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Could telematics cut the cost of van and car insurance?

A fleet of carsWould you have your every move on the road monitored if it reduced your motor insurance premium? We explain how this technology is being used, particularly by van drivers, and delve into the pros and cons of driver-monitoring.

Rising motor insurance premiums are forcing drivers to look for new ways to keep costs down.

But would you be willing to have your time and behaviour on the roads monitored if it would save you money? Well that’s what some companies are doing, in order to keep the costs of managing fleets of vans and lorries down, with a system called telematics.

What are telematics devices?

Telematics isn’t a word that rolls off the tongue for most road users but the technology is helping vehicle fleet managers – such as supermarket delivery staff   - keep fuel costs and motor insurance costs down and is something everyday drivers are beginning to catch onto.

The in-car technology, which is sometimes known as ‘tagging’, is a monitoring device which allows driver behaviour to be assessed.

Telematics devices can be fitted into cars, vans and lorries, and can monitor things like a driver‘s speed, acceleration, braking patterns and location. They’re connected to a central monitoring point, which allows managers to see where their drivers are and monitor how they’re driving.

Who’s using telematics?

At the moment, if you’re an everyday domestic van user there aren’t any insurers that will offer discounts for fitting a telematics device.

But it’s common among big businesses operating fleets of vans or lorries. Supermarket chains Asda and the Co-op use telematics devices in their delivery vans to monitor the chilled and frozen food compartments on their vehicles.

Fleet managers also use the data from a telematics system as a route planning tool, to measure the most fuel-efficient roads. Generally, though, the technology is promoted as a tool for cutting costs.

Fuel savings

Insurers Zurich offer telematics insurance for medium to large fleets of vehicles.  They say the system can reduce collisions by up to 20 per cent, operating costs by up to 10 per cent, and fuel consumption by up to 11 per cent.

Steve Stock, head of motor at Zurich Global Corporate UK, said: “Research shows that fleet telematics can save lives, reduce fuel consumption and deliver costs savings. As we continue to witness the impact of inflation on motor claims costs, Zurich Fleet Intelligence is a significant step for us in helping fleet customers reduce their claims exposure in these difficult times.”

Reducing insurance

The benefits associated with telematics can also lead to lower insurance premiums for fleets of vehicles and everyday road users.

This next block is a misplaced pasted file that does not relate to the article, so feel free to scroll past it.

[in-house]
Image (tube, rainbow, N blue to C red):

Insurethebox.com offers insurance for cars fitted with the device and  their target market is young drivers, although anyone can use their service.

Drivers using their system can pay for an initial driving allowance of 6,000 miles each year, which can then be topped up. Opting for low annual mileage with a telematics device allows drivers to reduce their insurance premiums, as less time on the roads equals lower risk. And although Insurethebox do not inpose a curfew on their drivers, some insurers do.

Insurethebox.com monitors customers via a service centre in Newcastle, which uses the information from the drivers to assess their behaviour and driving patterns.

A spokesman for insurethebox.com explains the benefits: “It’s not just telematics that makes the difference in cost but also the low mileage aspect. Drivers who choose to control their annual limit can make substantial savings on their insurance.

“Our statistics show that we are cheaper for young drivers 25 per cent of the time - even more for low-mileage motorists. We don't place any restrictions on how people drive and our device cannot be seen by the driver.”

Insurethebox.com also rewards good driver behaviour with extra mileage allowances, so gentle braking and avoiding bumps and crashes will reap rewards. And their call-centre can even monitor the force of any road accidents and automatically alert the emergency services if an impact exceeds 8G.

At the moment they don’t offer their services to van drivers but say it’s something they’re looking into for the future.

Big Brother

Telematics is not without its critics, however. Industry watchdog, The Association of British Drivers (ABD) has condemned certain devices, arguing that they actually increase the risk of accident and distract motorists.

ABD founder Brian Gregory said: “I’m sure the telematics companies would love to see their devices integrated into everyday driving, but the risks outweigh the benefits.

“Van fleets in particular can restrict drivers to certain speed limits. The view that we take is that anything which distracts a driver is a bad thing. If a driver is limited to 50 miles per hour then chances are they’ll sit at that without paying proper attention to the road. Driver training would see far better results than Big Brother-style surveillance.”

And when it comes to new drivers he describes the technology as ”very risky”.

“Surely new drivers need experience. This can only restrict them,” he said.

What’s your opinion? Would you be willing to drive limited hours to cut your insurance premiums? Comment below to share your views.





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Lois Avery

Lois Avery

Lois joined Confused.com in 2010 after working for Dyson and as a local newspaper reporter in Wiltshire. After a year writing financial journalism at Confused.com, Lois won the 2011 'most promising newcomer' at the BIBA journalist of the year awards.

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